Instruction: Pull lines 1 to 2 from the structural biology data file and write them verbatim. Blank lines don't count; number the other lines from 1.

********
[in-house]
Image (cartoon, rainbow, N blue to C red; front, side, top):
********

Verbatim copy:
[in-house]
Image (cartoon, rainbow, N blue to C red; front, side, top):